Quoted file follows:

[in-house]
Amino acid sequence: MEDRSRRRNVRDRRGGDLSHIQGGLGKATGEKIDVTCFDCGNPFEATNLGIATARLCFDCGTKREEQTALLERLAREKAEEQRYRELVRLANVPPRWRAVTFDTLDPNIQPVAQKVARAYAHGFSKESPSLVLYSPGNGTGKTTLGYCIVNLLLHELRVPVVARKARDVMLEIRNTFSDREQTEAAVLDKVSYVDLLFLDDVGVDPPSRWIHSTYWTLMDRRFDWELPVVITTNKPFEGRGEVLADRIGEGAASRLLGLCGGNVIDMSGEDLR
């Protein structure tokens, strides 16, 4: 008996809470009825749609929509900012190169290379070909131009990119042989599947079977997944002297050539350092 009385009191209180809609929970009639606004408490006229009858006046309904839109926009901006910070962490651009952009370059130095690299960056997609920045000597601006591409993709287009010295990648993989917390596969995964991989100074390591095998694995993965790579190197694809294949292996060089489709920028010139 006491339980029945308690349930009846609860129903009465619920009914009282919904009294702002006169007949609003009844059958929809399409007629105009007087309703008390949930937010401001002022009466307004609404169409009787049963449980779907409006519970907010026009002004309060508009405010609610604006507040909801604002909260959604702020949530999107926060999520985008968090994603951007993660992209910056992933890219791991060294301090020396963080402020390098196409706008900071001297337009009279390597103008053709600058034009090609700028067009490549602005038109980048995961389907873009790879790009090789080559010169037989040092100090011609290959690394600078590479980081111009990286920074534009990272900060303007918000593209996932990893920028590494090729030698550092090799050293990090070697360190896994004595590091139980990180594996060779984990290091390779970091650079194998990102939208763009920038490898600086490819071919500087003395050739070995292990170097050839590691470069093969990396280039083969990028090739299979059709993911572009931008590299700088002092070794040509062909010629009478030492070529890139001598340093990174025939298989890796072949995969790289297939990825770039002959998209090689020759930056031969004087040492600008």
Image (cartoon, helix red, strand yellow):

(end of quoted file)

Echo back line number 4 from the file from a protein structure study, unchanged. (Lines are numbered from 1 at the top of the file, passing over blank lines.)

Image (cartoon, helix red, strand yellow):